There's a sobering story on Bloomberg Business Week's website today, pointing out that poverty has grown to nearly 20 percent in Orlando – according to the story, our city has "the lowest median pay among the 50 most-populous American metropolitan areas."
According to the piece, Orlando's service-based economy is part of the problem – Orlando is the most-visited city in the United States, leisure and hospitality jobs account for 20 percent of the economy, and Walt Disney World is our largest employer. And, according to the story, 40 percent of the jobs available here pay less than $25,000 per year.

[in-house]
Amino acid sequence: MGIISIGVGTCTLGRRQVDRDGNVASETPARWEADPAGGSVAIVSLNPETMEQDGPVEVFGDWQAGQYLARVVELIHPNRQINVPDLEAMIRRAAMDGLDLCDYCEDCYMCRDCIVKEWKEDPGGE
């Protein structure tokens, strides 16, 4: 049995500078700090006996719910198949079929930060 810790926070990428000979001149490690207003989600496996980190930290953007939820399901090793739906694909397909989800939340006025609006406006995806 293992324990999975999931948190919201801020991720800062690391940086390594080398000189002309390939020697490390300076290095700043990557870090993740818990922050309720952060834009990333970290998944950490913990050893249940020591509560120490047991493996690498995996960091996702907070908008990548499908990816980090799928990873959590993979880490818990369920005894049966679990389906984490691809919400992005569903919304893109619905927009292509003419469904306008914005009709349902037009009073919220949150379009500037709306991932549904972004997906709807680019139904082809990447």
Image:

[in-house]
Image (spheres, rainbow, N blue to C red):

Part of the problem, the story suggests, is that Florida's minimum wage is still extremely low. While some cities have the power to increase minimum wages, in Florida, it's up to the state, which has set the minimum at $7.93. While Walt Disney World and Universal Orlando have both voluntarily increased starting pay for their workers to $10 and $9 per hour, respectively, the story says that many employees for theme parks are living in motels or in their cars. Studies have shown that in Orlando and Osceola counties it really would take a $15.87 per hour to comfortably rent a one-bedroom apartment.
Fast food employees and workers for low-paying companies like Walmart have been rallying over the past year to demand living wages (see stories here and here), but repeatedly, their actions are met with public scorn.
You can read the full Bloomberg story here.